"If your sales guys can’t sell at my conference – well, that’s a bit like going bobbing for breasts in a barrel and coming out sucking your thumb!!”
Two weeks into my first real sales job, in a basement in Old Street (London) and I hear my boss throw that line down the phone at a prospect. To say I was shocked would be an understatement but it was just one of the regular examples of the ‘no-nonsense’ corkers she would use when speaking to prospects.
This was hardly surprising given the environment – 50 sales people, 8 computers round the edge of the room that you had to queue at lunchtime for to research and print out paper leads, a phone, and more ambition than the opening auditions of the X-Factor!
It was like an ancient Roman gladiatorial ludus, where phones were the new swords and infallible ego’s were the new shields. Was this a trading floor at a bank? A boiler room at a brokers? No, it was a small conference company selling sponsorship to some of the biggest companies on the planet. Each day we would sit with 100 printed ‘leads’ which consisted of a phone number, a web page of the company directors, an overview of the company and an ‘angle or hook’ for engaging the prospect.
Marketing material? Nope. Case studies? Nope. Face to face meetings? Nope. And yet did it make money….…ohhhh yes….hand over foot!
How? 2 hours a day talking to prospects was the target and there was one rule that got banged into you in training more than most by the ‘Doctores’…sorry I mean managers…No ‘fluffy’ language!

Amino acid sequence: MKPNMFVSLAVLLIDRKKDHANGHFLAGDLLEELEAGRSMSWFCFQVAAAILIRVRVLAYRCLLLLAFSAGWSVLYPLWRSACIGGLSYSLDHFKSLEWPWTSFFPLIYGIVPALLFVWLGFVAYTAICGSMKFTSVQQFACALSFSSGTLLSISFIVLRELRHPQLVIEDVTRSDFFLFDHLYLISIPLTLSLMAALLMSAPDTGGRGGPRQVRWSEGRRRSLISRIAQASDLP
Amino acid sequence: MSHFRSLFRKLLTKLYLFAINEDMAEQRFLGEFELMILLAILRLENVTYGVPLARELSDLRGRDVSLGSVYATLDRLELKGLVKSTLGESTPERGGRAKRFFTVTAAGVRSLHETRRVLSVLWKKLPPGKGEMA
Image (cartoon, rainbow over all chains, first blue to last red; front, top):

As the years have passed I have purposely forgotten a lot of what I learnt in that basement – including the use of quotes like the one at the start of this post, but the point about ‘fluffy’ language has always stuck.
What is ‘fluffy’ language? I’ll give you an example:
“Do you possibly think that maybe, perhaps, this might be something you could potentially, maybe, have some interest in at some point?”
Why do we do it? I think there are 2 reasons:
Nerves - fear of asking the direct question in case the direct answer you get back isn’t what you want to hear. This is why the general pattern is the more experienced the sales person, the more hardened to rejection, the less ‘fluff’ they will use.
We use ‘fluffy’ words to extend our sentences so that we have more time to actually think about what we’re asking? Often in sales we are so desperate to avoid silence that we fill the gaps when we haven’t actually considered properly what it is we want to say. The use and power of silence we’ll save for another time but ask yourself this; how often do you take a breath, think about what the prospect or client is really saying, formulate your question, and then ask it?
What we look and hope for from a prospect is straight answers, so that we know where we are in the sales process and can move the sale forward accordingly.
But how can we demand straight, clear answers from our prospects and clients if we won’t ask them direct questions?
If we take our earlier example and cut out the ‘fluff’ what are we left with?
“Do you see enough value in the proposition to take this forward?”
No ‘perhaps’, no ‘maybe’, no ‘possibly’ – just a direct question that increases the chances of us getting a straight answer.
Don’t underestimate the damage of ‘fluffy’ language:
Understated confidence is key in sales. ‘Fluff’ can show you lack it
It gives the prospect the chance to give you a ‘fluffy’ answer in response leaving you with uncertainty around the opportunity
It always leads to inaccurate sales pipelines
It wastes valuable time
So, here’s a challenge – get yourself a bunch of low denomination coins and every time you find yourself using a ‘fluff’ word, throw a coin in a jar. If at the end of a week you have enough to buy yourself a sandwich, the chances are you could be getting better answers from your prospects and increasing the quality of opportunities in your pipeline.
Listen to your prospect, take time to formulate your question, and ask it.
As sales people we sometimes forget that the worst that can happen……. is the prospect say’s no.
If you’re sales team has issues with ‘fluffy’ language, then get in touch: